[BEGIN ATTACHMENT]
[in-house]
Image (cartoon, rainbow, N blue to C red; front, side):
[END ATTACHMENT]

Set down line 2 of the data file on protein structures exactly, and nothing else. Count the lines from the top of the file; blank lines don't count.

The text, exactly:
Image (cartoon, rainbow, N blue to C red; front, side):